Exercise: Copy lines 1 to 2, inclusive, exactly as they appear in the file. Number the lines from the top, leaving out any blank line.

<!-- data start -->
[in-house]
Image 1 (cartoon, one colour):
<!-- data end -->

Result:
[in-house]
Image 1 (cartoon, one colour):